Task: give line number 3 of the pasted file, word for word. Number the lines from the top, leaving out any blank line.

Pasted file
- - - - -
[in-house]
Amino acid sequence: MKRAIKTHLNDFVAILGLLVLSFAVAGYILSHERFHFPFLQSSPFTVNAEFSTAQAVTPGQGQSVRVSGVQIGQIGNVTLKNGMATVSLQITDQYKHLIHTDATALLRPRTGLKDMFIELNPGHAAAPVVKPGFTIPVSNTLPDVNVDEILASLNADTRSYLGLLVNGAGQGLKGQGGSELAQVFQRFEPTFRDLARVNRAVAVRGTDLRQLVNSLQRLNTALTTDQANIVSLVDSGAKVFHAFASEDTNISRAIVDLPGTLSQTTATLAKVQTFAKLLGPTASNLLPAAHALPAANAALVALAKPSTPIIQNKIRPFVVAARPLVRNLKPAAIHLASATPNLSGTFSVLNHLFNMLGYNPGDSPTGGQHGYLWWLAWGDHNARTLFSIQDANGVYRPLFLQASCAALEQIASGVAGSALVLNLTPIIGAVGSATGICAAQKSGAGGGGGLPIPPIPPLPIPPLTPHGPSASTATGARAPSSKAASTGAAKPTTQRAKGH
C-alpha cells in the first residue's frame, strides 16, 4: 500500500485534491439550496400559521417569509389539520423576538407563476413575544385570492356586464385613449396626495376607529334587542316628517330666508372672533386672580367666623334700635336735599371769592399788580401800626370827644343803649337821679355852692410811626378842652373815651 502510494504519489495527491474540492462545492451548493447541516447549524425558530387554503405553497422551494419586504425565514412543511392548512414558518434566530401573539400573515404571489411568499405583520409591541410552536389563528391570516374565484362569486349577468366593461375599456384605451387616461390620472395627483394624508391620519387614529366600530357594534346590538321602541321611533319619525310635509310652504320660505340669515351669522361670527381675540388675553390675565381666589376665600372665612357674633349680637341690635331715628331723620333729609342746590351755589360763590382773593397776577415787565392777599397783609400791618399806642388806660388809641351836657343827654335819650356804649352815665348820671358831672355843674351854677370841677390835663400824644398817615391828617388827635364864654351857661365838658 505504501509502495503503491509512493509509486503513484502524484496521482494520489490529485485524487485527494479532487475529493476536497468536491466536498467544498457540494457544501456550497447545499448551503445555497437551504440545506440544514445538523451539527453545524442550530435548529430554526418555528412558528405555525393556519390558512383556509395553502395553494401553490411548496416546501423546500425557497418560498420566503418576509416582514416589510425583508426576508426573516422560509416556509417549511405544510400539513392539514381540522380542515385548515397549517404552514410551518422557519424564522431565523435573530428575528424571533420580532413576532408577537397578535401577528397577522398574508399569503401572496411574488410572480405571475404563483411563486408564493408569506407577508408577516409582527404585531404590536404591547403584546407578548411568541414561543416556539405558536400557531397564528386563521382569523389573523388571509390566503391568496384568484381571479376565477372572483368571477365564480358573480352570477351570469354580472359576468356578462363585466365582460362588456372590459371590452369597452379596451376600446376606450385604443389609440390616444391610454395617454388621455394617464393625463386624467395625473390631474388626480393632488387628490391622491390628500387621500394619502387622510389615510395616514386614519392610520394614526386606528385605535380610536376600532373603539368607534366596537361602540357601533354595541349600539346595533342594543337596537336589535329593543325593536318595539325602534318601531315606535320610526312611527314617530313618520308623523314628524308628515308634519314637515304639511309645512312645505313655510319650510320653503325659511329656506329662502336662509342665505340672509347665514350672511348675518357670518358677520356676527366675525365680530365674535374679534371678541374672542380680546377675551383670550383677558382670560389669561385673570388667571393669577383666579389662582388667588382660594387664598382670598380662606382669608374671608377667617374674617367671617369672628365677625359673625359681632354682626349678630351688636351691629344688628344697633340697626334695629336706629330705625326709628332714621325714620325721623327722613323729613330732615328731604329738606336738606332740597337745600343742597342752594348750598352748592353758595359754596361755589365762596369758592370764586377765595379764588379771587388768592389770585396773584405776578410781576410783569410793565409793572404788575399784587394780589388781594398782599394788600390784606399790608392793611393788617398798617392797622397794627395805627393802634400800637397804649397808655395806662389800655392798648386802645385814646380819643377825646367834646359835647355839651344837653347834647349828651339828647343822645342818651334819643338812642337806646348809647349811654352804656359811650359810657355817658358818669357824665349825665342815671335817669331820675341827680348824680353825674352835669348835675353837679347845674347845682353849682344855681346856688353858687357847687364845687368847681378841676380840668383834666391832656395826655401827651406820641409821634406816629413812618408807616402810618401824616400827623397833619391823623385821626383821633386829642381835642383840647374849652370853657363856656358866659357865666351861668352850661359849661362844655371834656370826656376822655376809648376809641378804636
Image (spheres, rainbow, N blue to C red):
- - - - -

C-alpha cells in the first residue's frame, strides 16, 4: 500500500485534491439550496400559521417569509389539520423576538407563476413575544385570492356586464385613449396626495376607529334587542316628517330666508372672533386672580367666623334700635336735599371769592399788580401800626370827644343803649337821679355852692410811626378842652373815651 502510494504519489495527491474540492462545492451548493447541516447549524425558530387554503405553497422551494419586504425565514412543511392548512414558518434566530401573539400573515404571489411568499405583520409591541410552536389563528391570516374565484362569486349577468366593461375599456384605451387616461390620472395627483394624508391620519387614529366600530357594534346590538321602541321611533319619525310635509310652504320660505340669515351669522361670527381675540388675553390675565381666589376665600372665612357674633349680637341690635331715628331723620333729609342746590351755589360763590382773593397776577415787565392777599397783609400791618399806642388806660388809641351836657343827654335819650356804649352815665348820671358831672355843674351854677370841677390835663400824644398817615391828617388827635364864654351857661365838658 505504501509502495503503491509512493509509486503513484502524484496521482494520489490529485485524487485527494479532487475529493476536497468536491466536498467544498457540494457544501456550497447545499448551503445555497437551504440545506440544514445538523451539527453545524442550530435548529430554526418555528412558528405555525393556519390558512383556509395553502395553494401553490411548496416546501423546500425557497418560498420566503418576509416582514416589510425583508426576508426573516422560509416556509417549511405544510400539513392539514381540522380542515385548515397549517404552514410551518422557519424564522431565523435573530428575528424571533420580532413576532408577537397578535401577528397577522398574508399569503401572496411574488410572480405571475404563483411563486408564493408569506407577508408577516409582527404585531404590536404591547403584546407578548411568541414561543416556539405558536400557531397564528386563521382569523389573523388571509390566503391568496384568484381571479376565477372572483368571477365564480358573480352570477351570469354580472359576468356578462363585466365582460362588456372590459371590452369597452379596451376600446376606450385604443389609440390616444391610454395617454388621455394617464393625463386624467395625473390631474388626480393632488387628490391622491390628500387621500394619502387622510389615510395616514386614519392610520394614526386606528385605535380610536376600532373603539368607534366596537361602540357601533354595541349600539346595533342594543337596537336589535329593543325593536318595539325602534318601531315606535320610526312611527314617530313618520308623523314628524308628515308634519314637515304639511309645512312645505313655510319650510320653503325659511329656506329662502336662509342665505340672509347665514350672511348675518357670518358677520356676527366675525365680530365674535374679534371678541374672542380680546377675551383670550383677558382670560389669561385673570388667571393669577383666579389662582388667588382660594387664598382670598380662606382669608374671608377667617374674617367671617369672628365677625359673625359681632354682626349678630351688636351691629344688628344697633340697626334695629336706629330705625326709628332714621325714620325721623327722613323729613330732615328731604329738606336738606332740597337745600343742597342752594348750598352748592353758595359754596361755589365762596369758592370764586377765595379764588379771587388768592389770585396773584405776578410781576410783569410793565409793572404788575399784587394780589388781594398782599394788600390784606399790608392793611393788617398798617392797622397794627395805627393802634400800637397804649397808655395806662389800655392798648386802645385814646380819643377825646367834646359835647355839651344837653347834647349828651339828647343822645342818651334819643338812642337806646348809647349811654352804656359811650359810657355817658358818669357824665349825665342815671335817669331820675341827680348824680353825674352835669348835675353837679347845674347845682353849682344855681346856688353858687357847687364845687368847681378841676380840668383834666391832656395826655401827651406820641409821634406816629413812618408807616402810618401824616400827623397833619391823623385821626383821633386829642381835642383840647374849652370853657363856656358866659357865666351861668352850661359849661362844655371834656370826656376822655376809648376809641378804636